Fortunately, there was another initiative brewing in the background. A small team engaged in a management development program was looking at an electricity reticulation technology called Aerial Bundled Conductors (ABC). Rather than spreading bare conductors on the cross-arm of a power pole, the conductors were insulated and twisted together into a single bundle to improve immunity to interference from vegetation. They found that ABC cabling could include an optical fibre cable – but their project ran to its conclusion in late 1995 before being really able to explore the communications possibilities that this might enable.
A new management development team commenced in early 1996, around the same time that Australia's Pay TV rollouts were running full-steam ahead. Although Telstra and Optus were engaged in a race to establish coverage in the major population centres like Sydney and Melbourne, both approached ACTEW wanting to secure the rights to string their cables on the utility's power poles within the Australian Capital Territory. However, neither was in a rush to actually start building in Canberra due to its smaller market size and the fact that electricity lines ran through back-yards with no access except by foot and ladder. This “rear spine” electricity network architecture was part of Walter Burley Griffin’s design for Canberra to avoid cluttering street-scapes with power poles.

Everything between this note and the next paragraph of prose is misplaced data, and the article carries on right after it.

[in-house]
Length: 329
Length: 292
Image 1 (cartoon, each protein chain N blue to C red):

It was around this time that my earlier presentation was remembered, and I was invited to share some perspectives as to where the industry was heading with the three key members of the management development program - Joe Ceccato, Rob Clarke (both electrical engineers) and Jane Taylor (a librarian). A few weeks later, I was engaged by ACTEW and the four of us became fully consumed by the thinking that culminated in TransACT's establishment a few years later.